The City of London.
Looking at it now, it’s hard to imagine that The City of London, dominated by sky-scraping steel and glass architecture, is the oldest region of the capital. Although it only occupies a tiny area (it’s also known as the ‘Square Mile’), this is the central core from which the rest of London evolved.
Now best known for being the financial powerhouse of the both the United Kingdom and the world, The City was first established as a modest, riverside trading port by the Romans 2,000 years ago. Remarkably, fragments of this history remain, most notably in the crumbling segments of London Wall.
There is little in the way of ‘attractions’ in the midst of the skyscrapers, but a visit to the area on a Sunday can make for a great stroll, when the streets are eerily quiet and devoid of pacing suits.
Scattered around the new buildings, however, are some of London’s top draw cards, such as Christopher Wren’s magnificent St Paul’s Cathedral, and the 1,000 year old Tower of London, a castle constructed by William the Conqueror and home to the Crown Jewels.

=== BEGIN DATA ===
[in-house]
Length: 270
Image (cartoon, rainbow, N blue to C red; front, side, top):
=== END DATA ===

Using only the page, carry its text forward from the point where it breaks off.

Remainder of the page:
Also in the area is the Museum of London (free), which charts the city’s history from prehistoric times to the present day.
For shopping, look no further than Leadenhall, a restored Victorian food market and a brilliant place to score some top quality fare at a fraction of the normal price. Even if you’re not hungry, the building itself is well worth an hour of your time; built in 1881, it’s a gaudy masterpiece.
Tube: Aldgate, Bank, Cannon Street, Liverpool Street, St Paul’s, Tower Hill
Have a look at what you can typically expect to see when taking a stroll round the City of London: